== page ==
Soshanguve (South Africa) – The far-left South African EFF party unveiled Saturday its programme for legislative elections in May, with land expropriation and jobs at the top of the list.
“We cannot postpone the land question, we can not postpone the jobs questions,” said Julius Malema, head of the Economic Freedom Fighters party.
He spoke to several thousand EFF members wearing the party colour red in a stadium in Soshanguve, north of Pretoria, telling them: “We are hungry now, we want to eat now.”
Almost three-fourths of South Africa’s agricultural land is owned by whites who comprise just eight percent of the population.
The Natives Land Act of 1913 limited land ownership to seven percent of the black population, a level that rose to 13 percent in 1936 before being abolished in 1991.
The country’s apartheid policies reinforced such discrimination through the mass relocation of black populations to poor homelands, and progress by the ruling African National Congress (ANC) on resolving the situation has been limited.
A former ANC member, Malema founded the EFF in 2013, and his radical programme rules out “compromises” allegedly agreed to by ANC leaders with the white minority.
Malema, 37, has begun to eat away at ANC support amid chronic unemployment that now stands at 27 percent of the workforce.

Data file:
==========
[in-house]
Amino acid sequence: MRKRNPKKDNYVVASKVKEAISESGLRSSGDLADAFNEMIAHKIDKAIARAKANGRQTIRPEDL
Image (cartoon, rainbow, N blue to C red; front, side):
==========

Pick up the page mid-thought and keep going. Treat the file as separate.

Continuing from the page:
But his keystone issue is land redistribution.
“The economy is in the hands of the white community, we want to change that,” he told the crowd to cheers and raised fists.
“We are going to place all land under the custodianship of the state, for equal redistribution to all,” he pledged.
“They killed our people, they raped our people, we cannot reward rapists, we cannot reward murderers, we want our land back and that issue is not negotiable,” Malema declared.
ANC head Cyril Ramaphosa has also mooted a constitutional reform to allow land to be taken from minority white owners without compensation — a plan that has alarmed many foreign investors.
The ANC is expected to win the general election after Ramaphosa, a relatively moderate pro-business reformer, was appointed president.